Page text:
It’s actually not just through the edge of the Czech Republic that we go. It’s now 01:46 and we haven’t yet crossed the Polish border. There’s someone else in the compartment, sleeping with his feet on the opposite seat in front of the door so I can’t get out without moving his legs.

We stop at a deserted station. There are faint and muffled announcements. A woman’s voice. A few flecks of snow in the air. Today has been colder than yesterday. Something to do with the weather. This place is Ostrava-Svinov that we’re now pulling out of. The train creaks and it takes the corner, tilting slightly.

They’ve been doing experiments with Random Event Generators for the past 12 years, seeing if human thought can influence a string of randomly generated ones and zeros. The results show a strong deviation from pure randomness, suggesting some subjects do indeed have an effect. The ones that are most successful are those who relate to the Random Event Generator in an anthropomorphic way, believing they’re bonding with it, making friends with it and persuading it to do what they want. On average men seem to be better at this than women, but the best three subjects were all female. Geographical distance does not appear to be a factor, nor does whether or not the machine is actually switched on, suggesting that distance in time is also not a factor. There can be a delay.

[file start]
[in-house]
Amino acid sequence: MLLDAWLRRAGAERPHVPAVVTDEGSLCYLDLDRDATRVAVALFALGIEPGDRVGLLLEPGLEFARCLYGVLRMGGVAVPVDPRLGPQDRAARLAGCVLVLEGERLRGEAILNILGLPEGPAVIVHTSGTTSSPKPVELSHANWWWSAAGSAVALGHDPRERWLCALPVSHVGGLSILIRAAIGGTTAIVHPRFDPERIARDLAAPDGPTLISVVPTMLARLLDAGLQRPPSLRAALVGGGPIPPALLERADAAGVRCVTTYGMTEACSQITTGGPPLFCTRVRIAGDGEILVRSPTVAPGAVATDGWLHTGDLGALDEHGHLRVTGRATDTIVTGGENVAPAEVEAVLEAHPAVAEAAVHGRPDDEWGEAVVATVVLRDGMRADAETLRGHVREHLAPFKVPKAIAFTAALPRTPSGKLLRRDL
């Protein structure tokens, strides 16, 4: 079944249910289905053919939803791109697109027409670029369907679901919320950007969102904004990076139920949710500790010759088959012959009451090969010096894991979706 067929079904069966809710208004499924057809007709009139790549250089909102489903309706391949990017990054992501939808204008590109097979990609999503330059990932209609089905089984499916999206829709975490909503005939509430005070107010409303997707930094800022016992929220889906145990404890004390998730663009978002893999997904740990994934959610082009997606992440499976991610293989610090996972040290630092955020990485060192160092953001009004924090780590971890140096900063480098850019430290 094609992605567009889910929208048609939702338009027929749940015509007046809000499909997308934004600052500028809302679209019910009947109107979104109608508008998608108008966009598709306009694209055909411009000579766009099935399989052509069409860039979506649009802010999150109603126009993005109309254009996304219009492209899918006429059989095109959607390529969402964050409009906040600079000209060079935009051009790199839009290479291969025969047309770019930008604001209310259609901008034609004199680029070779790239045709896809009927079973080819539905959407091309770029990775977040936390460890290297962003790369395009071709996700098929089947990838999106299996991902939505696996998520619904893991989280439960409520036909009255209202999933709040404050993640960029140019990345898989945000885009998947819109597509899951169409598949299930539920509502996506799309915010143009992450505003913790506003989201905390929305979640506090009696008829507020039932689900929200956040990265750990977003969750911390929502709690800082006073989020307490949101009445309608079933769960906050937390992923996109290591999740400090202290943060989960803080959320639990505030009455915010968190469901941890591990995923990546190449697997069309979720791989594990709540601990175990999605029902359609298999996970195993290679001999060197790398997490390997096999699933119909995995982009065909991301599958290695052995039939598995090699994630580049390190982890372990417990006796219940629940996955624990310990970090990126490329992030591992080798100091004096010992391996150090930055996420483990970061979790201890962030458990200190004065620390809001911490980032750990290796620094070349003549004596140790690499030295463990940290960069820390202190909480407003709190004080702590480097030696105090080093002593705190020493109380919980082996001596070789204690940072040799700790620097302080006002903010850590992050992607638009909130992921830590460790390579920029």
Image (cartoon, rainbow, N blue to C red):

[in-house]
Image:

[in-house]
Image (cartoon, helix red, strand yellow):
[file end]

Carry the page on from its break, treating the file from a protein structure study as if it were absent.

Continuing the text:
It’s now 01:58 and we’ve stopped at another station. Some people have gotten on and are noisily opening and closing compartment doors further up the carriage. The place we’re now pulling away from is Ostrava hi. n.. More creaking and tilting. It sounds like the train is in pain, or extasy.

One of the exhibits in the Chinese art exhibition was a video installation with an image of an inverted city bouncing up and down to the sound of a woman moaning.